Tasks performed by a Visual Designer:
- Designing visually appealing and user-friendly UI components and layouts.
- Define the look and feel at a high level and at the individual component level.
- Using design tools to create visual mockups and design assets for implementation.
- Ensuring consistency in visual elements, such as typography, color schemes, and iconography, across all screens and interactions.
- Incorporating brand guidelines and ensuring that the visual design aligns with the product’s identity.
- Keeping up-to-date with design trends and best practices to maintain a modern and relevant visual style.
Visual Designers work hand-in-hand with UX designers and developers to create a seamless and cohesive user experience. Their designs amplify the strategic value of aesthetics (these days graphic design is deliberate not simply decorative) and thereby contribute to product, brand and UX goals.
Service Designers are integral to creating seamless omnichannel experiences. They take a holistic approach to design, focusing on the entire user journey across different touchpoints and channels. Their primary objective is to create services and interactions that might include digital interfaces and can involve new employee interactions, ecosystem actor involvement and even changes to policies or procedures.
Tasks performed by a Service Designer:
- Conduct extensive research to understand user needs, pain points, and behaviors throughout the entire service journey.
- Collaborate with stakeholders and cross-functional teams to identify and align business goals with ‘frontstage’ (user), ‘middle-stage’ (employee), and ‘backstage’ (ecosystem) needs.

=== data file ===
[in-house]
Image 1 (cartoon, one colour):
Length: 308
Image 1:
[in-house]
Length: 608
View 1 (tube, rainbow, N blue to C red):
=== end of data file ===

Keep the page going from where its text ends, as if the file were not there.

- Creating service blueprints and customer journey maps to visualize the user experience and identify areas for improvement.
- Designing service touchpoints and interactions to ensure a seamless and consistent experience across channels.
- Prototyping and testing service concepts to validate their effectiveness and make data-driven improvements.
- Identifying opportunities for innovation and developing new service concepts to meet changing user expectations.
Service Designers work across different departments to ensure that the user experience is cohesive and optimized at every stage. By focusing on the end-to-end journey, they can address pain points and create memorable experiences that foster user loyalty and satisfaction.
Overall, Service Designers play a critical role in shaping the overall service experience, not only from a user perspective but also from a business perspective. Their work helps organizations deliver services that meet user needs and align with strategic goals, leading to a more successful and user-centric business.
Conclusion: Understanding these UX roles and their respective responsibilities is crucial for effective UX management. By clarifying misconceptions and acknowledging the diverse tasks performed by each role, organizations can foster collaboration and create better user experiences. With a strong UX team in place, products can be designed and developed with the end-user in mind, leading to increased customer satisfaction and business success.
Next, let’s look at What roles UX Managers play. Understanding these management roles for UX teams is critical.
CEO, Experience Dynamics